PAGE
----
The Berkshire West Federation diabetes stakeholder network Diabetes Sans Frontières (DSF) was formed in 2012 with the aim of driving up standards of care for people with diabetes in our community.
DSF was formed to ensure that care for people with diabetes is designed and delivered in the interest of the patients and their carers to achieve the best outcomes possible with the resources available.
The network aims to reduce the burden of diabetes on people in our community with the disorder, to improve outcomes, and to do this whilst reducing the unit cost of care.
This example was originally submitted to demonstrate implementation of NICE guidance CG66. This guideline has now been updated and replaced by NG28. The practice described in the example continues to align with the updated guideline in regard to structured education programmes (Recommendation 1.2.1).
This example was highly commended in the 2014 NICE Shared Learning Awards.
Aims and objectives
The Berkshire West Federation diabetes stakeholder network Diabetes Sans Frontières (DSF) was formed in 2012 with the aim of driving up standards of care for people with diabetes in our community. This was formed from our four federated CCGs: N&W Reading, South Reading, Newbury & District, and Wokingham)
DSF network aims are to:
- Enable patients to receive the right care in the right place at the right time
- Provide a forum where all service development will be presented and agreed
- Ensure that providers give regular reports on performance to all key stakeholders, enabling service issues arising to be addressed
- Create a platform for innovation and service improvement opportunities to be debated and agree upon
- Encourage the promotion of integrated working and sponsorship
- Be a fully representative decision making body for diabetes services
- Ensure patient views are solicited and acted upon when considering service performance and developments
- Improve communication between all stakeholders and in particular, to patients and between providers.
DSF was formed to ensure that care for people with diabetes is designed and delivered in the interest of the patients and their carers to achieve the best outcomes possible with the resources available. The diabetes network board provides the forum where service developments are presented and agreed. Members give regular reports on the key performance indicators, enabling service issues arising to be addressed, creating a platform for innovation and service improvement opportunities to be debated and agreed upon.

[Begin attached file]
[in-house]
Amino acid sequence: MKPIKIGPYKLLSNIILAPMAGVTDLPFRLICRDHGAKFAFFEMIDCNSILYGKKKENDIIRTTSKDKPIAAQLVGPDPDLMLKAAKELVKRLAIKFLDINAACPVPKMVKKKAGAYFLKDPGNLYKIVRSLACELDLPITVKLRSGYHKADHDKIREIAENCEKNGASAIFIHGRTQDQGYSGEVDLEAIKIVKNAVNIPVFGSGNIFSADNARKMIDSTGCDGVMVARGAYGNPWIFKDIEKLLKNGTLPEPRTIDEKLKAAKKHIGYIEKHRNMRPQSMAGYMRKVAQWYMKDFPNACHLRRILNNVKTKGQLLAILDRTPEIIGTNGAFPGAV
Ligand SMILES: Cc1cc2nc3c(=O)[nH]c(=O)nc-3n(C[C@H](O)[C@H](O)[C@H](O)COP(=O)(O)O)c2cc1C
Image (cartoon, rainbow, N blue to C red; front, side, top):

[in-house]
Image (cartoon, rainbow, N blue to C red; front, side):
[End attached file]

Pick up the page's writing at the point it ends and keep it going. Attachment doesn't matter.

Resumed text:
The network strives to implement best practice, and to exceed standards of care and outcomes set down by NICE, thus moving our services into the low-cost good-outcome service category as described by the DOVE tool.
The network aims to reduce the burden of diabetes on people in our community with the disorder, to improve outcomes, and to do this whilst reducing the unit cost of care. The network also aims to reduce referral to secondary care, and the use of emergency unplanned care.
Reasons for implementing your project
NICE NG28 Recommendation 1.2.1 outlines key priorities for patients to have structured education, and to achieve their individualised targets for glycaemic control, cholesterol and blood pressure. People with diabetes should also have 9 key clinical processes yearly to identify risk of diabetes complications.
The process that highlighted the need for change in our healthcare community was reports from the National Diabetes Audit of 2009-2010, which showed our community performance in care process and therapeutic target achievement was amongst the worst in England.
These data demonstrated that the implementation of the process of diabetes care as defined by the 8 key processes of diabetes care (retinal screening excluded from 9 NICE measures in this audit) and achievement of therapeutic targets for glycaemic control, hypertension, and lipid management for the 17200 people with diabetes in our community were significantly worse than for matched communities in England. Specifically, glycaemic control was poorer for our community (46.8% vs. 56.8% achieving HbA1c<58mmol/l) and the cost of diabetes care higher at (£548 vs. £517 per person (pp)) than matched communities (2009-10). (See supporting documents).
How did you implement the project
The CCGs engaged an external consultant experienced in process management to guide us, and his help was invaluable. Key to this process was the development of the DSF network board comprising primary and secondary care physicians, healthcare commissioners, patient representatives, diabetes specialist nursing, public health, community nursing, medicines management, communications and community pharmacy - around 20 members.